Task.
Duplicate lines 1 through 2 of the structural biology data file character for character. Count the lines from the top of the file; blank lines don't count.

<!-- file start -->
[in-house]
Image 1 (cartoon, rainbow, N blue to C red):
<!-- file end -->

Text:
[in-house]
Image 1 (cartoon, rainbow, N blue to C red):